Tumor antigen-specific CD4 T cells accumulate at tumor sites evoking their involvement in antitumor effector functions in situ. Contrarily to CD8 cytotoxic T-lymphocyte exhaustion, that of CD4 T cells remains poorly appreciated. Here, using phenotypic, transcriptomic and functional approaches, we characterized CD4 T-cell exhaustion in head and neck, cervical and ovarian cancer patients. We identified a CD4 tumor-infiltrating lymphocyte (TIL) population, defined by high PD-1 and CD39 expression, which contained high proportions of cytokine-producing cells, although the quantity of cytokines produced by these cells was low evoking an exhausted state. Terminal exhaustion of CD4 TILs was instated regardless of TIM-3 expression suggesting divergence with CD8 T-cell exhaustion. ScRNA-Seq and further phenotypic analyses uncovered, however, similarities with the CD8 T-cell exhaustion program. In particular, PD-1hiCD39+ CD4 TILs expressed the exhaustion transcription factor TOX and the chemokine CXCL13 and were tumor antigen-specific. In vitro, PD-1 blockade enhanced CD4 TIL activation, as evidenced by increased CD154 expression and cytokine secretion, leading to improved dendritic cell maturation and consequently to higher tumor-specific CD8 T-cell proliferation. Our data identify CD4 TIL exhaustion as a player of responsiveness to immune checkpoint blockade.
    Keywords:  Cancer immunotherapy; Immunology; T cells
    DOI:  https://doi.org/10.1172/jci.insight.142513
  10. Cancers (Basel). 2020 Dec 16. pii: E3788. [Epub ahead of print]12(12):
    Saggese P, Sellitto A, Martinez CA, Giurato G, Nassa G, Rizzo F, Tarallo R, Scafoglio C.
      Metabolic reprogramming is a hallmark of cancer, with consistent rewiring of glucose, glutamine, and mitochondrial metabolism. While these metabolic alterations are adequate to meet the metabolic needs of cell growth and proliferation, the changes in critical metabolites have also consequences for the regulation of the cell differentiation state. Cancer evolution is characterized by progression towards a poorly differentiated, stem-like phenotype, and epigenetic modulation of the chromatin structure is an important prerequisite for the maintenance of an undifferentiated state by repression of lineage-specific genes. Epigenetic modifiers depend on intermediates of cellular metabolism both as substrates and as co-factors. Therefore, the metabolic reprogramming that occurs in cancer likely plays an important role in the process of the de-differentiation characteristic of the neoplastic process. Here, we review the epigenetic consequences of metabolic reprogramming in cancer, with particular focus on the role of mitochondrial intermediates and hypoxia in the regulation of cellular de-differentiation. We also discuss therapeutic implications.
    Keywords:  cancer epigenetics; cancer metabolism; cell differentiation in cancer; mitochondrial metabolism
    DOI:  https://doi.org/10.3390/cancers12123788
  11. Cell Rep. 2020 Dec 15. pii: S2211-1247(20)31490-X. [Epub ahead of print]33(11): 108501
    Ahmed R, Miners KL, Lahoz-Beneytez J, Jones RE, Roger L, Baboonian C, Zhang Y, Wang ECY, Hellerstein MK, McCune JM, Baird DM, Price DA, Macallan DC, Asquith B, Ladell K.
      A central paradigm in the field of lymphocyte biology asserts that replicatively senescent memory T cells express the carbohydrate epitope CD57. These cells nonetheless accumulate with age and expand numerically in response to persistent antigenic stimulation. Here, we use in vivo deuterium labeling and ex vivo analyses of telomere length, telomerase activity, and intracellular expression of the cell-cycle marker Ki67 to distinguish between two non-exclusive scenarios: (1) CD57+ memory T cells do not proliferate and instead arise via phenotypic transition from the CD57- memory T cell pool; and/or (2) CD57+ memory T cells self-renew via intracompartmental proliferation. Our results provide compelling evidence in favor of the latter scenario and further suggest in conjunction with mathematical modeling that self-renewal is by far the most abundant source of newly generated CD57+ memory T cells. Immunological memory therefore appears to be intrinsically sustainable among highly differentiated subsets of T cells that express CD57.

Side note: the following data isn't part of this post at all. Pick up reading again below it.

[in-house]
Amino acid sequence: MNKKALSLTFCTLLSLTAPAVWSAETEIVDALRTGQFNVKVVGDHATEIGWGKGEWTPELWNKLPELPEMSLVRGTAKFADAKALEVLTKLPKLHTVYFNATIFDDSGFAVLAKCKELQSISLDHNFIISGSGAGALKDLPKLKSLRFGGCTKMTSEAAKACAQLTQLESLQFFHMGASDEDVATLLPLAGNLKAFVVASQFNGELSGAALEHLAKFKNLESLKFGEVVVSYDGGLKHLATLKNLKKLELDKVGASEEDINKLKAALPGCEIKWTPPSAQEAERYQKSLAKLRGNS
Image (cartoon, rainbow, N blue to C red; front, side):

Keywords:  Enter keywords here
    DOI:  https://doi.org/10.1016/j.celrep.2020.108501
  12. J Immunother Cancer. 2020 Dec;pii: e001650. [Epub ahead of print]8(2):
    Leem G, Park J, Jeon M, Kim ES, Kim SW, Lee YJ, Choi SJ, Choi B, Park S, Ju YS, Jung I, Kim S, Shin EC, Lee JY, Park SH.
      BACKGROUND: Responses to immunotherapy vary between different cancer types and sites. Here, we aimed to investigate features of exhaustion and activation in tumor-infiltrating CD8 T cells at both the primary and metastatic sites in epithelial ovarian cancer.METHODS: Tumor tissues and peripheral blood were obtained from 65 patients with ovarian cancer. From these samples, we isolated tumor-infiltrating lymphocytes (TILs) and peripheral blood mononuclear cells. These cells were used for immunophenotype using multicolor flow cytometry, gene expression profile using RNA sequencing and ex vivo functional restoration assays.
    RESULTS: We found that CD39+ CD8 TILs were enriched with tumor-specific CD8 TILs, and that the activation status of these cells was determined by the differential programmed cell death protein 1 (PD-1) expression level. CD39+ CD8 TILs with high PD-1 expression (PD-1high) exhibited features of highly tumor-reactive and terminally exhausted phenotypes. Notably, PD-1high CD39+ CD8 TILs showed similar characteristics in terms of T-cell exhaustion and activation between the primary and metastatic sites. Among co-stimulatory receptors, 4-1BB was exclusively overexpressed in CD39+ CD8 TILs, especially on PD-1high cells, and 4-1BB-expressing cells displayed immunophenotypes indicating higher degrees of T-cell activation and proliferation, and less exhaustion, compared with cells not expressing 4-1BB. Importantly, 4-1BB agonistic antibodies further enhanced the anti-PD-1-mediated reinvigoration of exhausted CD8 TILs from both primary and metastatic sites.
    CONCLUSION: Severely exhausted PD-1high CD39+ CD8 TILs displayed a distinctly heterogeneous exhaustion and activation status determined by differential 4-1BB expression levels, providing rationale and evidence for immunotherapies targeting co-stimulatory receptor 4-1BB in ovarian cancers.
    Keywords:  CD8-positive T-lymphocytes; adaptive immunity; immunity; lymphocytes; tumor-infiltrating
    DOI:  https://doi.org/10.1136/jitc-2020-001650